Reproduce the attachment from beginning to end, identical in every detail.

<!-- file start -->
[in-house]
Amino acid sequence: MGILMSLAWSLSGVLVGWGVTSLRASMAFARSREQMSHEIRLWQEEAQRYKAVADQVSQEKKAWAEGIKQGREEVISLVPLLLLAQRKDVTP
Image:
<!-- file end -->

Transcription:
[in-house]
Amino acid sequence: MGILMSLAWSLSGVLVGWGVTSLRASMAFARSREQMSHEIRLWQEEAQRYKAVADQVSQEKKAWAEGIKQGREEVISLVPLLLLAQRKDVTP
Image: